On the other hand, even then I didn’t really want an assault rifle, and I would have probably regretted firing hundreds of rounds at that parked car which in the end probably contained teenagers messing around or smoking pot.

Putting aside for a moment geography or the objective advisability of owning some sort of gun for self-protection, there is something fundamentally disquieting about the fact that the Americans most likely to own guns are also the Americans most likely to embrace a political rationale for gun ownership and most likely to believe they’re getting outvoted by people who don’t share their values. Somewhere in these overlapping circles is a hard core of dangerous folks who are being told constantly by Republican politicians that they are losing or have already lost their most fundamental rights. And this is why political extremism is a bad thing even if its devotees lose most elections.

 

By: Ed Kilgore, Contributing Writer, Political Animal Blog, The Washington Monthly, June 30, 2015

July 3, 2015 Posted by | Gun Control, Gun Ownership, Public Safety | , , , , | 1 Comment

“Supreme Court; If It’s Worth It For Corporations, Pollution May Be Okay”: EPA Can Only Regulate Pollution When It’s Cost-Effective

While LGBTs and healthcare reformers are still nursing their celebratory hangovers, the final Supreme Court case of the 2014-15 term just junked twenty years of environmental regulations.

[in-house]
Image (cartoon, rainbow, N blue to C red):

The case, Michigan v. EPA, specifically dealt with the EPA’s regulation of mercury emissions from power plants under the Clean Air Act—a long, twenty-year process that has been opposed by industry at every turn, even as mercury air pollution from coal-fired power plants has ++irreparably poisoned the Great Lakes .

Today, the clock has been set back. In its third 5-4 decision of the day, with Justice Kennedy again providing the swing vote, industry has prevailed. Writing for the court, Justice Scalia held that the EPA had to factor in costs in deciding whether to regulate, not just how to regulate.

If you think about it, this is an impossible task practically and philosophically.

Practically speaking, the regulatory process for mercury has lasted twenty years—in large part because the EPA weighed dozens of options, evaluating the costs and benefits of each. Today’s decision requires the EPA to balance costs and benefits at the very beginning of the process, before either the costs or the benefits are known.

EPA’s position was that, while costs must, of course, be taken into account in deciding how to regulate toxic chemicals like mercury, the initial decision of whether to regulate them should not be dictated by how much it costs to do so. What matters at that point—whether regulation is “appropriate and necessary” under the statute—is only whether public health is at stake.